EDITORIAL: As the PTI-led government nears the end of its last but one year it is only natural that the PTI chairman and prime minister, Imran Khan, tends to see its future through the prism of the years gone by in government. The questions what he promised and where and why he failed to succeed seems to be his bitter recollection. One such platform where he could speak his mind without due reservation was his meeting with a group of diplomats and journalists last Sunday.
Without much of ifs and buts, he blamed his failure to bring about his promised reforms on unavailability of a two-thirds majority in the National Assembly. Almost invariably, the opposition-dominated Senate rejected what the National Assembly passed as government legislation.
But then that was part of the game. The only option left with the government was a joint session of parliament, and that did happen. Of course it is a problematic option with the government, but the door on legislation remains open. Why should then Imran Khan yearn for a two-thirds majority in the National Assembly? His predecessor, Nawaz Sharif, did have that unique privilege of absolute majority in the parliament in the late 1990s, but law-making even then was just average.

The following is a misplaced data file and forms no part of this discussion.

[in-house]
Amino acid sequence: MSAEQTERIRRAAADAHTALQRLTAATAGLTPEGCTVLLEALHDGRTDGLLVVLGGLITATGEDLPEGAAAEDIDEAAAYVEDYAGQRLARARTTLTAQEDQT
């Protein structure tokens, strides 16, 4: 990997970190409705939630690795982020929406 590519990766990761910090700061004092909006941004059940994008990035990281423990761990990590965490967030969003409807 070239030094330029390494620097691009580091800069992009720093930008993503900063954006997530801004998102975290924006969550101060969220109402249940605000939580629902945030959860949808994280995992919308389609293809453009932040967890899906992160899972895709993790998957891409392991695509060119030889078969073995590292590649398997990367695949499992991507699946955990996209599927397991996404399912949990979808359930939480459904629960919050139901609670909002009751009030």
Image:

“No reforms can be made in the country unless the government enjoyed a two-thirds majority in the National Assembly. Running the government by giving share to all is not a big deal, but if you want to bring about reforms you have to have a two-thirds majority,” according to the prime minister. Should that be the accepted criterion of a functional democracy it is only logical that he should have refused to form and head a government cobbled up through a coalition in the National Assembly.
If political history of our country is any guide, its moral in sum total is an unforgiving penchant for total state control. The leader at the top, be he in uniform or mufti, is never shy of asking for more power. And that was made available – be it by a martial law regulation or constitutional amendment – as was the case with the Eighth Amendment that empowered the president to dissolve parliament.
Now Imran Khan wants a two-thirds majority to be in position to actualize what he kept promising all through his political career. The day before, his supporters were underscoring the need for replacing the present parliamentary system with presidential system in the country. Of course, in the given constitutional ambience, they are asking for the moon, but they haven’t been able to accept that in a federation, which Pakistan is, that is not going to happen.
It was the provinces which joined together to make Pakistan and there is no reason why they should not persevere in their individuality. Given the powers handed over to the provinces under the Eighteenth Amendment, it is only fair and politically wise to concede what the provinces have powers to run their affairs.
Copyright Business Recorder, 2022